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By Brigid Haines

Brigid Haines and Margaret Littler draw at the newest advancements in feminist thought to discover modern German ladies writers' representations of lady subjectivity. Bridging the distance among severe concept and women's writing in German, this ebook offers in-depth, absolutely contextualized readings of six key texts.

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Extra resources for Contemporary Women's Writing in German: Changing the Subject (Oxford Studies in Modern European Culture)

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Dippel dates each of the stories specifically between 1955 and 1970. Siobhan S. Craig explores the historical resonances of the Italian setting of ‘Simultan’ in ‘The Collapse of Language and the Trace of History in Ingeborg Bachmann’s “Simultan” ’, Women in German Yearbook, 16 (2000), 39–60. For the references to Joseph Roth in Bachmann’s work see Irena Omelaniuk, ‘Ingeborg Bachmanns “Drei Wege zum See” ’, Seminar, 19/4 (1983), 246–64; Leo A. Lensing, ‘Joseph Roth and the Voices of Bachmann’s Trottas: Topography, Autobiography, and Literary History in “Drei Wege zum See” ’, Modern Austrian Literature, 18/3, 4 (1985), 53–76; Peter West Nutting, ‘ “Ein Stück wenig realisiertes Österreich”: The Narrative Topography of Ingeborg Bachmann’s “Drei Wege zum See” ’, Modern Austrian Literature, 18/3, 4 (1985), 77–90; David Dollenmeyer, ‘Ingeborg Bachmann Rewrites Joseph Roth’, Modern Austrian Literature, 26/1 (1993), 59–74; Dippel, ‘Österreich’.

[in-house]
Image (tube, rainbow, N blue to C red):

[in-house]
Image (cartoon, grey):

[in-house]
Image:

30 This is understood in terms of Irigaray’s notion of mimicry, a masquerade of patriarchally defined femininity in order to reveal the mechanisms of its construction. However, Dusar detects a pleasurable intensity in Beatrix’s narcissism at the beauty parlour; when she dismisses the clumsy young apprentice and is transfixed by her own reflection, doll-like and expressionless, it is narrated as a quasi-mystical moment. She sees herself as ‘ein einsames unverstandenes Kunstwerk . . 32 In contrast to this reading, which posits an internal psychic reality underlying the text’s emphasis on surface appearances, Beth Linklater proposes a performative reading of ‘Probleme Probleme’, based on the work of Judith Butler.

Miranda’s focus on surface appearances in ‘Ihr glücklichen Augen’ is unequivocally a form of escapism, however legitimate, rather than a questioning of the existence of ‘depth’. Nevertheless it is indubitable that Bachmann’s conformist protagonists often articulate unintentional social critique. ’39 Much of the central three stories’ critical impact derives from their narrative ambiguity. They call for a view of textuality as a site of competing meanings, as well as an understanding of language as structuring the individual psyche or as a law governing culture.

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